Finance has always been complex. More precisely it has always been opaque, and complexity is a means of rationalizing opacity in societies that pretend to transparency. Opacity is absolutely essential to modern finance. It is a feature not a bug until we radically change the way we mobilize economic risk-bearing. The core purpose of status quo finance is to coax people into accepting risks that they would not, if fully informed, consent to bear.
Writer and Oscar-winning documentary maker Errol Morris talks about the nature of truth, art and propaganda in photography. Drawing examples from the photographs of Abu Ghraib and the Crimean war, cited in his book Believing is Seeing, he argues we’ve often underplayed the link between photgraphs and the physical world
Check out IBM’s 305 RAMAC (Random Access Method of Accounting and Control) hard disk and those gripes about dragging around that USB thumb drive soon evaporate. This 1956 HDD was composed of 50 24-inch discs, stacked together and taking up 16 sq ft of real estate. The once-cutting-edge monstrosity was capable of commanding an annual fee of $35,000 and stored up to 5MB of data. Sure, by modern standards it’s a pretty modest capacity, but the RAMAC still weighed in at just shy of a ton. Our technological forefathers could have done with that exoskeleton prototype.
A fight has broken out at the church built on the spot where Jesus is said to have been born.
Palestinian police stormed the basilica of the Nativity in Bethlehem after rival groups of Orthodox and Armenian clerics clashed in a row over the boundaries of their respective ancient jurisdictions inside the church.
Armed with brooms, around 100 priests and monks came to blows during the cleaning of the church in preparation for Orthodox Christmas celebrations.
The former Palestinian minister of tourism and head of the Palestinian forces in Bethlehem were slightly injured.
Administration of the church is shared by Catholic, Orthodox, and Armenian Apostolic clerics.
The relationship between these groups has often been difficult, and there have been similar scuffles in previous years over jurisdiction.
Researchers have found that there’s a part of your body that might shrink when you eat too much fast food.
Unfortunately, it’s your brain.
People with diets high in trans fats are more likely to experience the kind of brain shrink-age associated with Alzheimer’s disease than people who consume less of the artery-damaging fats, the new study suggests.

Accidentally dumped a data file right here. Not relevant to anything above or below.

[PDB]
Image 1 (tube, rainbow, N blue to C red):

Those with diets high in vitamins C and E, the B vitamins and vitamin D, meanwhile, appear to have larger brains than people with diets low in these nutrients.
And diets high in omega three fatty acids seemed to benefit the small blood vessels of the brain – “and the thinking abilities related to those vessels,” said lead investigator Dr. Gene Bowman.
The funeral of Kim Jong-il on Wednesday called to mind the best stage-managed Communist state productions: the falling snow, the wailing mourners, the perfectly spaced limousines and rows of chest-beating men.
So perhaps it was because the scene was so nearly impeccable that someone — an overzealous North Korean photo editor? — appears to have taken issue with an errant group of men, barely noticeable in a sweeping photograph of the procession in central Pyongyang, and removed them.
“David took his men with him and went out and killed two hundred Philistines and brought back their foreskins. They counted out the full number to the king so that David might become the king’s son-in-law. Then Saul gave him his daughter Michal in marriage”
1 Samuel 18:27
What does a sudden evacuation look like? After everyone is gone, what happens to the places they’ve abandoned? National Geographic Magazine sent Associated Press photographer David Guttenfelder to the nuclear exclusion zone around Japan’s Fukushima Daiichi power plant to find out. Evacuated shortly after the March 11 earthquake and tsunami led to a nuclear radiation crisis, the area has been largely untouched, with food rotting on store shelves and children’s backpacks waiting in classrooms. The area may face the same fate as the town of Pripyat, Ukraine after the Chernobyl disaster 25 years ago. This isn’t the first time Guttenfelder has gotten a rare glimpse of a place few see, as The Big Picture featured his photographs of North Korea in an earlier post. Collected here are Guttenfelder’s haunting images just released of a place abandoned, and of people dealing with the loss. — Lane Turner (39 photos total)